The Bunker: Change of Command
The Bunker: Change of Command
The Bunker, delivered to our subscribers Wednesdays at 7 a.m., is a newsletter from the desk of National Security Analyst Mark Thompson. Sign up here to receive it first thing, or check back Wednesday afternoon for the online version.
CHANGE OF COMMAND
Biden’s hired, Esper’s fired. Like it or not, the U.S. military obeys its non-uniformed overseers at the Pentagon and White House. After a topsy-turvy four years under President Trump (speaking of being fired), what’s on the horizon for national security?
The national security status quo prevails
The stock market surged in the wake of the election, convinced that a continuing divided government, assuming Republicans retain control of the Senate, was good because it means no radical change. Of course, with record debt and deficits and a rampaging virus, radical change could be just what the doctor ordered.
More of the same holds true for the U.S. military. Major shifts in national security require a president willing to make them and, just as critically, a Congress willing to endorse them. But split government acts as a damper on dramatic action. In other words, it’s basically a recipe for the status quo. “We would see this as an unexpected-yet-good outcome for defense policy and spending,” Roman Schweizer, a defense-industry analyst, wrote in a note to investors after the election.
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And, let’s face it: President-elect Biden is a moderate pragmatist when it comes to the U.S. military and foreign policy (he was declared the nation’s next president 48 years to the day he first won election to the Senate, that most hidebound institution, where he served the people of Delaware for 36 years). While the Pentagon’s budget jumped from $606 billion when Trump took office in 2017, to $713 billion last year, it’s slated to drop slightly in 2021. But defense-industry executives see no deep cuts. “Obviously there is a concern that defense spending will go way down if there is a Biden administration, but frankly I think that’s ridiculous,” Raytheon chief Gregory Hayes said on CNBC before the election.
The $494 billion modernization (PDF) of the nuclear triad—meaning new submarines, bombers, and ICBMs—will continue, although it may be slowed down. A Biden administration is likely to cast a skeptical eye on the Pentagon’s new “low-yield” warhead now aboard submarines. The Defense Department’s push for a 500-ship Navy (up from the current 300) wasn’t going to happen under a re-elected President Trump, and it’s not going to happen under a President Biden.
There’s a bunch of things Biden can do by executive order without congressional approval. Many will simply roll back Trump’s executive orders. Look for construction of Trump’s wall along the Mexican border to grind to a halt, and a slowdown in Trump’s proposed U.S. troop pullouts from Afghanistan (despite promises to end forever wars) and Germany. Biden wants to extend New START, the lone nuclear-arms treaty with Russia, and will likely reconsider Trump’s decision to pull out of the multilateral nuclear accord with Iran. Trump’s restrictions on diversity training for U.S. troops and his ban on transgender soldiers are all but certain to be lifted. Given congressional support for renaming 10 Army bases named for Confederate officers—something Trump vowed to halt—it’s a safe bet the name “Fort Bragg” and those of nine other posts will fade into history, just like the commander-in-chief who pledged they would never change.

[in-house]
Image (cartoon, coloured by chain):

Despite the fact that the nation remains engaged in its longest-ever war, national security was peripheral to a nation concerned about a pandemic and its impact on the economy. The administration’s refusal, so far, to acknowledge Trump’s loss is bound to complicate the transfer of power. The last time that happened was in 2000, when the contest between George W. Bush and Al Gore wasn’t decided until mid-December by the Supreme Court. The 9/11 Commission Report suggested the administration’s late start was a vulnerability that al Qaeda exploited when it launched the 9/11 attacks less than eight months after Bush took office. Here’s hoping the current White House’s intransigence won’t lead to another avoidable disaster this time around.
THE NEXT 70 DAYS
What comes next?
They’re breathing a sigh of relief at the Pentagon. Not because they’re liberal or conservative, but because they have hated surprises ever since Pearl Harbor. Trump’s early-morning tweets unilaterally declaring new policies—pulling U.S. troops out of Syria, or insisting the Navy go back to steam catapults to launch planes from its aircraft carriers—drove the military nuts.
Trump’s first national security action following his loss was unsettling. He tweeted November 9 that he had “terminated” Defense Secretary Mark Esper, and was elevating Christopher Miller, head of the National Counterterrorism Center, to serve as acting defense secretary. At a time when the White House should be striving for stability, Esper’s cashiering demonstrates the opposite. It also makes Miller the fifth person to run Trump’s Pentagon, following confirmed defense secretary Jim Mattis, acting defense secretary Pat Shanahan, acting defense secretary Richard Spencer (for a week), and Esper, confirmed by the Senate on July 23, 2019.
Beyond canning his defense secretary, there’s plenty more Trump can do before leaving (or being ushered out) of the White House 70 days from Veterans Day. If he presses ahead with his desire to withdraw all of the 4,500 U.S. troops remaining in Afghanistan “by Christmas,” some have raised concerns that the country could slide into civil war and the Taliban could end up in charge once again. The U.S. has threatened to shutter its embassy in Baghdad amid a flurry of Iranian-inspired attacks. You can bet your bottom rial that Iran, China, and North Korea all are watching the transition turmoil carefully to see how it might be exploited to their benefit. “Defense Department officials have privately expressed worries that the president might initiate operations, whether overt or secret, against Iran or other adversaries in his waning days in office,” the New York Times reported.